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Laura Ingalls Wilder is proof you don't need a fancy education to be an excellent writer. The fact that she never completed high school was probably an asset, since she experienced life on the American frontier firsthand rather than poring over books about other times and places. Still, she must have read enough to develop her engaging and spirited style.
The Little House books synonymous with her name are almost 100 years old. The first in the series, Little House in the Big Woods, was published in 1932, and the rest were published about one per year till 1943. They're among the most beloved children's novels in the United States, as much for their heartwarming qualities as their frontier realism.
Like a fairy tale, the first book begins in an ancient Wisconsin forest with the words Once upon a time.... The Ingalls family moved slowly Westward from there to De Smet, South Dakota, a farming community on the edge of empty wilderness. These are no fairy tales—while Laura (and her daughter and trusted editor, Rose Wilder Lane) added details to enhance the narrative, these are essentially memories of her childhood, youth, and early marriage.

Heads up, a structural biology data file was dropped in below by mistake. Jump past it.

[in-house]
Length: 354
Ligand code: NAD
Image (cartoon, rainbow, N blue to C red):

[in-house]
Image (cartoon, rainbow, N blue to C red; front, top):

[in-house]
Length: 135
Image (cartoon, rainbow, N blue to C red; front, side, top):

None of the books are strictly autobiographical, however. They read like good stories (they are good stories), told simply but with an attention to detail that sends us back to the Midwest of olden days, when men were men, women were strong and capable, and children worked beside their parents in the dark soil.
One of Laura's most engaging talents is her ability to compile interesting lists. She talks about the tools Pa used to make their various houses, all the children in the schoolhouse, the songs Pa played on his fiddle, and food. The food lists are the best ones, and if they're exaggerated we don't care because her sumptuous descriptions of hot buttered rolls, turkey, corn-on-the-cob, lemonade and roast beef are their own reward.
Few books in the American children's canon have achieved the popularity or longevity of the Little House series, and with good reason. They're well written, historically fascinating, and fun. They also promote ideals of family, faith, character and hard work that have long since disappeared from children's fiction, and are increasingly scarce in society at large. Let these books remind you that goodness exists as they entertain with stories of a far-off place that isn't so far, and a long-ago time that isn't too distant. Listed below you'll find all the original titles, plus other writings of Laura and her daughter, picture books, study guides, musical CDs, and more.
Review by C. Hollis Crossman
C. Hollis Crossman used to be a child. Now he is a husband and father, teaches adult Sunday school in his Presbyterian congregation, and likes weird stuff. He might be a mythical creature, but he's definitely not a centaur.Read more of his reviews here.
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